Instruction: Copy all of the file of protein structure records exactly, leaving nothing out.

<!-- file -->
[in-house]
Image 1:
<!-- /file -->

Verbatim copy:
[in-house]
Image 1: